The Dear Colleague letter provides technical assistance on the nondiscriminatory design and implementation of surveys, and clarifies that OCR has not endorsed or sanctioned any particular survey.  The letter explains that OCR evaluates the overall weight it will accord the results of a survey by examining the following factors, among others:

  • content of the survey;
  • target population surveyed;
  • response rates and treatment of nonresponses;
  • confidentiality protections; and
  • frequency of conducting the survey.

6.  Must an institution administer a survey in order to comply with Part Three?

Answer:  No.  An institution is not required to administer a survey to be in compliance with Part Three, nor does OCR evaluate a survey alone in order to determine compliance with Part Three.  A survey is only one indicator that may be used as part of an overall assessment of interests and abilities of the underrepresented sex.  In addition to the survey, OCR will evaluate the other indicators of interest and ability discussed in the Dear Colleague letter.

7.  What is deemed an acceptable response rate for a survey?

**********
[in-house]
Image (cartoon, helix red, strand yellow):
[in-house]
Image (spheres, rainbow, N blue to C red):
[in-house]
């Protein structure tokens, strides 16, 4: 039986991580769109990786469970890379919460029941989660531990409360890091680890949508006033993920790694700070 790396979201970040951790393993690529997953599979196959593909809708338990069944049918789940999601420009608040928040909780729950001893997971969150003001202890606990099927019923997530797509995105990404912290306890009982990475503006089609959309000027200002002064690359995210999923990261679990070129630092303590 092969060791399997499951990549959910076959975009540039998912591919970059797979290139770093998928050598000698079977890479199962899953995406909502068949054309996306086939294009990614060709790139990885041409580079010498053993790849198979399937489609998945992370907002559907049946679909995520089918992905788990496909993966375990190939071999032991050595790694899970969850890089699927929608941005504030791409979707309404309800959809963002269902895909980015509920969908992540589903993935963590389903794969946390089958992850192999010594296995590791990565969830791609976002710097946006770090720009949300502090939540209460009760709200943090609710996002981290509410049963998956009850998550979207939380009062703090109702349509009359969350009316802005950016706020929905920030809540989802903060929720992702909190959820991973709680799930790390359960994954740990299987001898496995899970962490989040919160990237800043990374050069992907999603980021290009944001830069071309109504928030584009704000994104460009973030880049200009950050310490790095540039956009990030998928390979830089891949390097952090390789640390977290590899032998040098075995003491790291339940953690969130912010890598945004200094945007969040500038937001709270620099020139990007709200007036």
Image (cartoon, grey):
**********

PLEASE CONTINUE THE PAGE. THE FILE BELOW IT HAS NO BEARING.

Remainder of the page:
Answer:  OCR determines the overall weight it will accord the results of a survey on a case-by-case basis.  OCR generally accords more weight to a survey with a higher response rate than a survey with a lower response rate if the survey design and administration are consistent with the factors discussed in the Dear Colleague letter including: the survey content, target population surveyed, response rates and treatment of nonresponses, confidentiality protections, and frequency of conducting the survey.

8.  Is an institution presumed in compliance with Part Three if it has administered a survey to its students that shows no unmet interests or abilities of the underrepresented sex?